A Fond Farewell 

A humble history-maker

A humble history-maker

The first time I met Hoss Allen, he told me a story about the day he cut Jimi Hendrix out of the mix at a recording session. As Allen recalled, he was booked to produce some long-forgotten R&B record but couldn’t find an available guitarist. So bassist Billy Cox told Allen, “I’ve got a great guitar player,” and brought in Hendrix. Allen was just looking for a basic “chunka-chunka” rhythm track. But Hendrix, as we know, played in quite another style altogether. As the session progressed, Allen grew so exasperated trying to get Hendrix to lay off the screaming flights of electric fancy that he finally told the engineer, “Just turn him off.”

Looking back, Allen laughed and said, “When I think what those tapes would have been worth now....”

This, I came to learn, was the Hossman’s favorite kind of story to tell on himself: one that threw the spotlight on his career foibles and blown opportunities. If not the Hendrix episode, then he’d relay how in 1950 he turned down an opportunity to join Randy Wood of Randy’s Record Shop as a partner in the fledgling Dot Records. Six years after Hoss passed on the deal, Dot was so successful that Wood took the label to Hollywood. Another time, Allen would recall how Bobby Hebb once left him the demo of a song he thought Allen might be interested in publishing. Allen never bothered to play the tape. The song turned out to be “Sunny,” a tune that now ranks not far behind the Beatles’ “Yesterday” in the realm of BMI multi-“million-air” compositions. And still another time, Hoss would shake his head and laugh while remembering a road trip he took up the East Coast to promote some obscure white vocal group that he and a partner had just recorded. While approaching the station where Baltimore’s top jock held sway, Allen tuned in the car radio to hear that jock spin for the first time Sam Cooke’s “You Send Me.”

“And here I was, wanting to get him to play our little record,” Hoss would say.

In other words, Hoss Allen had in spades a characteristic ever in short supply in Music City—the ability to laugh at himself. One of the absolute giants of R&B and gospel radio, he nevertheless delighted in calling attention to the many career missteps and bumbled near-fortunes that marked his journey to broadcast fame. I believe he told these tales not only for their humor but also because he knew such failures for the inconsequential matters they were. He knew such things because, along that same career journey, he had come so very close to failing in important ways, the pain of which no laughter could have salved. An alcoholic for many years, he knew the torment he had caused his family during the worst of times, and he knew how much of his children’s upbringing he had missed. Having recovered—he stayed sober the last 25 years of his life—he also knew how lucky he was to have survived and been forgiven. The tales no one heard were from his later years—about the friends he helped pull through the same kind of trouble he’d known.

There was always more to Hoss’ yarns than self-deprecating irony. For within his litany of lost riches and errant enterprise reverberated the rhythm of the North Nashville combos and gospel choirs he so loved. It was the rhythm of history being made by hopelessly underpaid men and women. Allen and his friends left great wealth behind, but theirs was not, for the most part, a community that grew wealthy while changing the world. Most of the pioneer R&B jocks lived from one single to the next, from one spin to another, working whatever angles were available and taking whatever cut of the action was offered. Payola was legal until 1960; after that it simply changed forms. The deejays were taken care of, but you didn’t see many lasting empires built. To Allen, who loved the music, it hardly mattered. He only needed to hear the voice to send James Brown’s “Please Please Please” into maximum-wattage rotation, which is what he and his WLAC buddy John Richbourg did before anyone else in the country.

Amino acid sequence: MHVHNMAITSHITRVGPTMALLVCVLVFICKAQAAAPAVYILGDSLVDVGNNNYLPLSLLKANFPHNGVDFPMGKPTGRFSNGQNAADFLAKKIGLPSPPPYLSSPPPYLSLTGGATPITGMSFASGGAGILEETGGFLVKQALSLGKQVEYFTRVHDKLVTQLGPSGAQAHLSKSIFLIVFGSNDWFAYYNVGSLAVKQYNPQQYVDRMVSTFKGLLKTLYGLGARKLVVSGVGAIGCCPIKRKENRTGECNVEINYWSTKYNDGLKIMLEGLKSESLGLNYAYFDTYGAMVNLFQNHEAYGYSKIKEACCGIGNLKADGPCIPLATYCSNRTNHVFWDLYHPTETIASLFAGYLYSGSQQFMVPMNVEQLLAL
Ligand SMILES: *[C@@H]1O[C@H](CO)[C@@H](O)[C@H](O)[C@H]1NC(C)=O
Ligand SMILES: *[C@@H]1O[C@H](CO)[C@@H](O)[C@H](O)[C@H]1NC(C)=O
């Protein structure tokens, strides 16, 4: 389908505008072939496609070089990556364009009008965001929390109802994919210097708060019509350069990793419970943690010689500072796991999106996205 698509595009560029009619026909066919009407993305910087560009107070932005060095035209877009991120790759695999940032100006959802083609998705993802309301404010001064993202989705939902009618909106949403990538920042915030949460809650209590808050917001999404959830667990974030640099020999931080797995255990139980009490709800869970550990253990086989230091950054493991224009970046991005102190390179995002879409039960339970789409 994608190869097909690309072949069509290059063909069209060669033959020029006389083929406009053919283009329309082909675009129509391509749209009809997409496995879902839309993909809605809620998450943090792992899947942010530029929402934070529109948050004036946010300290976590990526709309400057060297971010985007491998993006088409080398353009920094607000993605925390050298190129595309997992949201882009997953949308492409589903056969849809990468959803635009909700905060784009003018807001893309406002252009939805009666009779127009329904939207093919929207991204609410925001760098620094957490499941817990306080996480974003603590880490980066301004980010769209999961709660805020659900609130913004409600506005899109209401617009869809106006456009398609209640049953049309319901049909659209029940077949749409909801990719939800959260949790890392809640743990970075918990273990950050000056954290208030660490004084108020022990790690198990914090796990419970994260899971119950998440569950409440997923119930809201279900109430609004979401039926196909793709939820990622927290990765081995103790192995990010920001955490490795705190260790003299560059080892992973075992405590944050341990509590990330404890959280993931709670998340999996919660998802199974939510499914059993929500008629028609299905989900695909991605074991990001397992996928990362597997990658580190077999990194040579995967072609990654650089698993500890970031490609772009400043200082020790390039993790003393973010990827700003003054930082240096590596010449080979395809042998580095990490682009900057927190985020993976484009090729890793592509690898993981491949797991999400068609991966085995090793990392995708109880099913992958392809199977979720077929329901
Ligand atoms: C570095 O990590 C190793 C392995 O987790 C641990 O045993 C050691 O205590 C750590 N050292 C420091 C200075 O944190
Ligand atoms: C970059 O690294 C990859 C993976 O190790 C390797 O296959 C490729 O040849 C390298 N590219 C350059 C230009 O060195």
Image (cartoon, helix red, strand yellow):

Make no mistake, it did matter to Allen that credit be given where credit was due. It bothered him if some R&B legend wrote his or her autobiography without mentioning any of the jocks who had helped along the way. It also disturbed him that he and John R attracted so much more press than their ’LAC colleague Gene Nobles. “Gene’s the one that started the whole thing,” he’d say. And though he knew that Alan Freed has always been credited with broadcast innovations more accurately due the WLAC crew, it offended Allen’s sense of justice that Freed took the fall for an entire industry when America declared war on rock ’n’ roll.

“Everybody turned their back on him,” Hoss said, “all the record guys, all the people that he’d helped.”

Still, bitterness was not a mood that settled with Hoss. On the contrary, his sense of the absurd was far too acute for him to rage at gods or record men. This was, after all, a deejay whose marvelous voice sold baby chicks notorious for the havoc their evil breeding could sometimes wreak on a barnyard. “One woman wrote in, said it attacked their dog,” he told me.

As much as anything, Allen simply loved the unregulated chaos of radio as he knew it in the 1950s, of an era when simply to play James Brown was to rewire the circuits of the American psyche. “There was never a night that I could not wait to get here,” he said. “At 4 o’clock I started getting nervous. I started thinking about—‘Gee, what’s gonna happen tonight?’ ”

Which is precisely the question a generation asked while tuning in to the Hossman. He and his friends gave an electric vibe of immediacy to the midnights of cold-war dread. In the end, Allen’s best story was the one too vast for him to tell or even know: that he not only made history, but also helped people engage with history as it broke apart around them. With transistors humming and Hoss Allen shouting, “It’s git-down time!” the question was never will there be a tomorrow, but what’s gonna happen tonight?

A man who loved music

The death last week of legendary disc jockey Bill “Hoss” Allen marked the end of an era that forever changed the face of music. One of Middle Tennessee’s most celebrated sons, Allen was responsible for helping to bring the vibrant music of black America into homes all across the country and even the world. During the 1940s, ’50s, and ’60s, he and cohorts Gene Nobles, John Richbourg, and Herman Grizzard broadcast blues and R&B over WLAC-AM’s 50,000-watt signal. In the process, they exposed 15,000,000 listeners to some of America’s most celebrated performers and helped to launch the careers of such artists as Muddy Waters, James Brown, and Otis Redding.